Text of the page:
By Tarik El-Bashir
Washington Post Staff Writer
Monday, March 10, 2008
There are tough losses, and then there are heartbreaking ones. Somehow, the Washington Capitals managed to squeeze both varieties into the same weekend.
One day after blowing a late lead in Boston, the Capitals outdid themselves against the Pittsburgh Penguins at Verizon Center, where Nicklas Backstrom accidentally scored into his own net with 28 seconds remaining to deal his team a devastating 4-2 defeat in one of the most anticipated games of the regular season.
"That was officially heartbreaking," Coach Bruce Boudreau said. "I feel bad for Nick. He was doing everything that he could to prevent it and ends up shooting it in his own net."
Alex Ovechkin (two assists) dropped to the ice, burying his face in his gloves. Goaltender Cristobal Huet did, too, pressing his mask into the ice.
Neither of them could believe what had just transpired.
The play began when Penguins captain Sidney Crosby one-handed a pass through the crease. Backstrom, parked at the opposite side, presumably went to clear the puck into the corner. But instead of firing it out of harm's way, the 20-year-old snapped it between Huet and the goal post to put the Penguins ahead 3-2.
The goal was credited to Crosby, his second of the game and 19th point in 11 career games against the Capitals. Evgeni Malkin contributed three assists and Jordan Staal added an empty-net goal in the final seconds to clinch the result.
"We've been on the other side of that before, and it's not fun," Crosby said. "Obviously, it's a big break for us."
Backstrom, a rookie of the year candidate with 58 points, left the building without commenting to reporters.
"We don't want Nicky to beat himself up, because he played a great game for us tonight, and he's played great for us all season," said Brooks Laich, who scored his eighth goal in 10 games in the second period. "We'll be there for him tomorrow."
The Capitals' playoff hopes dimmed significantly yesterday, 24 hours after the Bruins pulled off an improbable 2-1 victory at TD Banknorth Garden with two 5-on-3 power plays in the final 5 minutes 1 second.
With 12 games remaining, Washington is seven points behind Carolina for the Southeast Division lead and six points out of eighth place in the conference.
"Obviously, it puts a damper on it," Boudreau said of his team's chances to making it to the postseason for the first time since the 2002-03 season. "We still have a goal in mind of how many games we've had to win to get into the playoffs. Now we give ourselves less chance of error, that's all."
What made the loss even more devastating for the Capitals was that they had outplayed the playoff-bound Penguins for much of the afternoon. At one point early in the third period they were out-shooting Pittsburgh 36-14. The scoreboard, though, showed a tie at 2.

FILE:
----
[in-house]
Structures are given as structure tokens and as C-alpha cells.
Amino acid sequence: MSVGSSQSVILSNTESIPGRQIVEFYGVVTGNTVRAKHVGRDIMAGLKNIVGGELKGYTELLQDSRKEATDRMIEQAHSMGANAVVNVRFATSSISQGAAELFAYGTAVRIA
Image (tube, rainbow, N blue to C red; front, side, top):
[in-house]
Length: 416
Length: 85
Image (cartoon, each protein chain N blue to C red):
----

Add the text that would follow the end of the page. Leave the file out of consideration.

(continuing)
Then, about midway through the third period, the Penguins came to life just as Washington appeared to tire. Huet (22 saves) did his best to force overtime, but he was helpless to stop Backstrom's shot.
"You could see that they turned it up a notch in the last 10 minutes," Boudreau said. "I thought when we got it to the final minute, we were fine; we were going to take it to overtime. But as it turns out, that's not [the] way it happened."
The intensity always rises when the longtime rival Capitals and Penguins meet, and yesterday was no exception.
The big question was how the Capitals would respond after Saturday's debacle in Boston. Would they come out angry, or flat? After a few minutes, the answer was obvious: They were still angry.
Ovechkin crushed Malkin along the sideboards early, Shaone Morrisonn leveled Crosby in the slot with a shoulder check and Matt Cooke demolished Jarkko Ruutu with an open-ice hip check -- all in the opening period.
The game settled in the second, and Laich opened the scoring on the power play, redirecting an Alexander Semin wrist shot at 7:23.
The Penguins, however, came right back 1:19 later on a fluky goal by Petr Sykora and Crosby's first tally put the Penguins ahead 2-1 at 18:08. The reigning league most valuable player, in his third game back from a high ankle sprain, followed his own rebound, whacking it between Huet's pads.
But Semin sent the game into the third tied with his 21st goal of the season, which he fired from the doorstep between Marc-Andre Fleury (36 saves) and the post.
Boudreau gave his players today off to recover physically and mentally from a difficult weekend.
"We just got to keep our heads up," Boudreau said. "It's going to be a depressing 24 hours and that's why they've got nothing to do tomorrow. Then they'll come back to the rink on Tuesday with a little bit of life and get ready for next week."